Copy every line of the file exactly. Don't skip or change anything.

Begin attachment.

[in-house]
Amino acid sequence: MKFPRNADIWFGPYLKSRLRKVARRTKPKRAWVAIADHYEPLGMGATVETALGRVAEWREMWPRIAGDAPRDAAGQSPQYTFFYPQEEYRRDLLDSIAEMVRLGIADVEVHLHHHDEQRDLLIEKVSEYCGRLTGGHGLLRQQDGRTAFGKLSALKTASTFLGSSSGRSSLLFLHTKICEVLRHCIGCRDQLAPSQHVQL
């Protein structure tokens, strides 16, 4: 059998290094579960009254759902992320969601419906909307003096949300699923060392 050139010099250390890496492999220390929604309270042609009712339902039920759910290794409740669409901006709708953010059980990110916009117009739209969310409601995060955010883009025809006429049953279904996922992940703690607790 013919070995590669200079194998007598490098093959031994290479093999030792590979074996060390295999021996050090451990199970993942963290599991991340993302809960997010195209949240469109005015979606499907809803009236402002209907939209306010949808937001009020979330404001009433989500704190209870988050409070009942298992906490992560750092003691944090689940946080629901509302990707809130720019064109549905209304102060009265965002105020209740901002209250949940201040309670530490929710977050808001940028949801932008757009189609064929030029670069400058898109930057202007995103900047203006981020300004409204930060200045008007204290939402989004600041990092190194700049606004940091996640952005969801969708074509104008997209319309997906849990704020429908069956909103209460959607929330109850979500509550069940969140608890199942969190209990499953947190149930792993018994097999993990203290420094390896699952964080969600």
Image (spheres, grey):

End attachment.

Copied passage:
[in-house]
Amino acid sequence: MKFPRNADIWFGPYLKSRLRKVARRTKPKRAWVAIADHYEPLGMGATVETALGRVAEWREMWPRIAGDAPRDAAGQSPQYTFFYPQEEYRRDLLDSIAEMVRLGIADVEVHLHHHDEQRDLLIEKVSEYCGRLTGGHGLLRQQDGRTAFGKLSALKTASTFLGSSSGRSSLLFLHTKICEVLRHCIGCRDQLAPSQHVQL
């Protein structure tokens, strides 16, 4: 059998290094579960009254759902992320969601419906909307003096949300699923060392 050139010099250390890496492999220390929604309270042609009712339902039920759910290794409740669409901006709708953010059980990110916009117009739209969310409601995060955010883009025809006429049953279904996922992940703690607790 013919070995590669200079194998007598490098093959031994290479093999030792590979074996060390295999021996050090451990199970993942963290599991991340993302809960997010195209949240469109005015979606499907809803009236402002209907939209306010949808937001009020979330404001009433989500704190209870988050409070009942298992906490992560750092003691944090689940946080629901509302990707809130720019064109549905209304102060009265965002105020209740901002209250949940201040309670530490929710977050808001940028949801932008757009189609064929030029670069400058898109930057202007995103900047203006981020300004409204930060200045008007204290939402989004600041990092190194700049606004940091996640952005969801969708074509104008997209319309997906849990704020429908069956909103209460959607929330109850979500509550069940969140608890199942969190209990499953947190149930792993018994097999993990203290420094390896699952964080969600």
Image (spheres, grey):